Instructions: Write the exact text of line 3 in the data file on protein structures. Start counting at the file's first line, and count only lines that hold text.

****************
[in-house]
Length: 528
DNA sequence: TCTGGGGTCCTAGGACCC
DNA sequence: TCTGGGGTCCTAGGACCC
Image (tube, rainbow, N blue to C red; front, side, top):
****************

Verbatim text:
DNA sequence: TCTGGGGTCCTAGGACCC